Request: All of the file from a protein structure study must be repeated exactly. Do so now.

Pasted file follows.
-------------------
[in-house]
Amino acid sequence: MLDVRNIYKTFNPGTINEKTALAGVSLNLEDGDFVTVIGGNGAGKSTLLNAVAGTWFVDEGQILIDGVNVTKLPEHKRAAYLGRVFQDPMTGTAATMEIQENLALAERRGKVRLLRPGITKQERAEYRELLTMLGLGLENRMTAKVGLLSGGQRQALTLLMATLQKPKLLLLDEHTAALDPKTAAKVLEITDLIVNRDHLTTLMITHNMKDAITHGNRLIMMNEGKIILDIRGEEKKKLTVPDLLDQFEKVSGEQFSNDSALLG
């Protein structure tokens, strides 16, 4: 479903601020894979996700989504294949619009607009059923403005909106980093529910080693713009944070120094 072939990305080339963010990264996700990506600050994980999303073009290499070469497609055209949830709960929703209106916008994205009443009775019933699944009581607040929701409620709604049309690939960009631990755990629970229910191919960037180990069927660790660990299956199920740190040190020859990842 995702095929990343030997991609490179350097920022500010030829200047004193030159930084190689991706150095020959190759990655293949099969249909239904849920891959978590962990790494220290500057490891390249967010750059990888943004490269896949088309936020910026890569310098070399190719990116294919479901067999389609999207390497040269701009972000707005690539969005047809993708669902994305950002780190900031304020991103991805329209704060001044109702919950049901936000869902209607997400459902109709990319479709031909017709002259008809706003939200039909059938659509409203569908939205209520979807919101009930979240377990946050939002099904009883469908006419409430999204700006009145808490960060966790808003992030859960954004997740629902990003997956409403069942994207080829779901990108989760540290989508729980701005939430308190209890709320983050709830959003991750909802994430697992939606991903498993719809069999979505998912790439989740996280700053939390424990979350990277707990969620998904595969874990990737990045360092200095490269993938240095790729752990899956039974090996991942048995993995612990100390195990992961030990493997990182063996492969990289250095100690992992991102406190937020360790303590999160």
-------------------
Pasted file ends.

[in-house]
Amino acid sequence: MLDVRNIYKTFNPGTINEKTALAGVSLNLEDGDFVTVIGGNGAGKSTLLNAVAGTWFVDEGQILIDGVNVTKLPEHKRAAYLGRVFQDPMTGTAATMEIQENLALAERRGKVRLLRPGITKQERAEYRELLTMLGLGLENRMTAKVGLLSGGQRQALTLLMATLQKPKLLLLDEHTAALDPKTAAKVLEITDLIVNRDHLTTLMITHNMKDAITHGNRLIMMNEGKIILDIRGEEKKKLTVPDLLDQFEKVSGEQFSNDSALLG
């Protein structure tokens, strides 16, 4: 479903601020894979996700989504294949619009607009059923403005909106980093529910080693713009944070120094 072939990305080339963010990264996700990506600050994980999303073009290499070469497609055209949830709960929703209106916008994205009443009775019933699944009581607040929701409620709604049309690939960009631990755990629970229910191919960037180990069927660790660990299956199920740190040190020859990842 995702095929990343030997991609490179350097920022500010030829200047004193030159930084190689991706150095020959190759990655293949099969249909239904849920891959978590962990790494220290500057490891390249967010750059990888943004490269896949088309936020910026890569310098070399190719990116294919479901067999389609999207390497040269701009972000707005690539969005047809993708669902994305950002780190900031304020991103991805329209704060001044109702919950049901936000869902209607997400459902109709990319479709031909017709002259008809706003939200039909059938659509409203569908939205209520979807919101009930979240377990946050939002099904009883469908006419409430999204700006009145808490960060966790808003992030859960954004997740629902990003997956409403069942994207080829779901990108989760540290989508729980701005939430308190209890709320983050709830959003991750909802994430697992939606991903498993719809069999979505998912790439989740996280700053939390424990979350990277707990969620998904595969874990990737990045360092200095490269993938240095790729752990899956039974090996991942048995993995612990100390195990992961030990493997990182063996492969990289250095100690992992991102406190937020360790303590999160």